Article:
TUCSON, Ariz.—The Muscular Dystrophy Association today announced funding totaling $13.7 million for 40 new research initiatives targeting nearly two dozen progressive neuromuscular diseases. Among these are 13 new initiatives targeting Duchenne muscular dystrophy (DMD), nine new projects focused on ALS (amyotrophic lateral sclerosis or Lou Gehrig's disease), as well as efforts on spinal muscular atrophy (SMA), facioscapulohumeral muscular dystrophy (FSHD), and the link between diabetes and Friedreich's ataxia (FA).
These new projects are in addition to hundreds of other MDA-funded scientific investigations being advanced worldwide to find effective treatments for neuromuscular diseases, "Truly rapid progress is being made in the fight against muscular dystrophy, ALS and related diseases," said R. Rodney Howell, M.D., chairman of the MDA Board of Directors. "And MDA will not stop until these diseases are conquered."
This latest round of peer-reviewed grants were recommended by the Association's Medical and Scientific Advisory committees, comprising the world's top medical and scientific authorities, and were approved for funding by the MDA Board of Directors. The promising new initiatives are under way in 17 U.S. cities and the District of Columbia, as well as in Australia, Canada, Costa Rica, Italy, the Netherlands and the United Kingdom:
Baltimore, Md. (Grants 1, 2)
Boston, Mass. (Grants 1. 2, 3, 4, 5, 6)
District of Columbia
Houston, Texas (Grants 1, 2, 3, 4)
Iowa City, Iowa
La Jolla, Calif. (Grants 1, 2, 3)
Los Angeles, Calif.
New York, N.Y.
Palo Alto, Calif.
Philadelphia, Pa. (Grants 1, 2)
London, United Kingdom
Quebec City, Canada
San Pedro, Costa Rica
Victoria, Australia (Grants 1, 2)
In Winston-Salem, N.C., investigators are studying DMD-related heart disease by reprogramming skin cells to create heart cells in order to screen thousands of experimental compounds and drugs already approved by the Food and Drug Administration (FDA). Another MDA-funded team in Philadelphia is exploring a new way to upregulate utrophin, a muscle protein that may be able to stand in for the larger dystrophin protein that, when absent, causes DMD. Plus, an MDA-sponsored team in Victoria, Australia, is working to prevent extensive bone loss caused by corticosteroids, the only available treatment shown to slow the progression of DMD.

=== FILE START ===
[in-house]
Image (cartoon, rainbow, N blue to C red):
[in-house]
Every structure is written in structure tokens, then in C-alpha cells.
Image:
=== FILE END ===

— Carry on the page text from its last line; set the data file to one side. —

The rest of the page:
For ALS, a Houston-based team with MDA funding is investigating whether a combination drug treatment (Licofelone + Riluzole) works better than the first FDA-approved drug for ALS, riluzole. Another group of MDA-sponsored investigators in Montreal is looking for the earliest visible signs of ALS. Finally, a San Diego team supported by MDA is using next-generation gene sequencing technology to better understand what makes ALS-causing mutations in two genes (TDP43 + FUS) so crucial to the ALS disease process.
With tens of millions of Americans affected by type 2 diabetes and 30 percent of FA patients developing diabetes, a new MDA-funded project in Philadelphia to determine the exact mechanisms by which diabetes occurs in FA also could shed valuable insights into the causes of insulin resistance seen in people with type 2 diabetes.
Other exciting initiatives by MDA-funded investigators include the Minneapolis-based effort to identify inhibitors of the DUX4 gene implicated in FSHD, and to quickly test promising compounds in a transgenic mouse model for that disease; and a Miami-based effort to find novel genes that cause rare forms of SMA and to search for genetic modifiers of the disease-causing genes.
MDA is the nonprofit health agency dedicated to curing muscular dystrophy, ALS and related diseases by funding worldwide research. The Association also provides comprehensive health care and support services, advocacy and education.
In addition to funding more than 300 research projects worldwide, MDA maintains a national network of some 200 hospital-affiliated clinics; facilitates hundreds of support groups for families affected by neuromuscular diseases; and provides extraordinary local summer camp opportunities for thousands of youngsters fighting progressive muscle diseases. MDA is the first nonprofit to receive a Lifetime Achievement Award from the American Medical Association "for significant and lasting contributions to the health and welfare of humanity."
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